Condom use involving sex with a non-married, non-cohabiting partner among South African youth between the ages of 16-24 years in the country's three largest cities declined between 2006 and 2010, a survey by non-profit organisation Society for Family Health (SFH) has shown.
(Image: Carlos T, via Wikimedia Commons)
The research, conducted in major metro areas in Johannesburg, Cape Town and Durban as part of SFH's Tracking Results Continuously (TRaC) survey, found that there was a decline in the percentage of both males and females who used condoms at last sex with non-married and non-cohabiting (NMNC) partners between 2006 and 2010.
"Between 2006 and 2010, there was a significant drop from 87.6 to 81.6% for males and a statistically insignificant decline from 73.6 to 69.3% among females who used condoms at last sex with a non-married and non-cohabiting partner," SFH research and monitoring and evaluation manager Ntsiki Manzini said.
"Consistent condom use with non-married and non-cohabiting partners, which tracks more regular condom use, fell significantly among females from 58.7-47.4% between 2006 and 2010, but the decline among males - from 63.7-61.8% - was statistically insignificant," she added.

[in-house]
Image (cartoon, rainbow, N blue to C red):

The proportion of young males able to identify the steps correctly for correct condom use remained low, with only 12.6% of respondents able to identify 6 of the 7 potential steps in correct condom use. However, since the responses were unprompted, it was unclear if this reflected a lack of knowledge, or if the respondents simply did not provide sufficiently detailed responses.
Insights 'very worrying'
"The insights are very worrying and all the more reason for us to make a more concerted effort to reach youth with messages about correct and consistent condom use," said Tlangelani Shilubane senior programme manager of SFH's YouthAIDS programme targeted at South African youths. "Even though condom use is still high, there is a decline over the past four years, and there is evidence that the youth are not using condoms correctly," she added.
Condoms are one of the main methods of HIV prevention in South Africa, which has one of the highest HIV infection rates in the world.
According to the United Nations, more than 5.7 million of South Africa's 50 million people are living with HIV. The Human Sciences Research Council's 2008 National Prevalence, Incidence, Behaviour and Communication survey showed that HIV prevalence among South African youth between the ages of 15-24 was at 8.7% in 2008.
YouthAIDS is an Interpersonal Communications programme targeting youths and run by Society for Family Health, one of South Africa's leading HIV prevention organisations.
YouthAIDS promotes healthy behaviour for HIV prevention, including abstinence, delayed sexual debut, mutual fidelity, "Know Your Status" and correct and consistent condom use for those who are sexually active.
YouthAIDS targets and educates youth through a variety of appealing and evidence based methods. These include the use of participatory activities such as, peer education, mobile promotions and interactive radio talk shows.
In 2010, YouthAIDS reached 1.2 million young people in South Africa through in-school and out-of-school programmes using the various above mentioned activities.
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